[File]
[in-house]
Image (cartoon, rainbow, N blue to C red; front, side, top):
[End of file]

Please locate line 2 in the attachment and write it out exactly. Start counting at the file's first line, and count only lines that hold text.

Image (cartoon, rainbow, N blue to C red; front, side, top):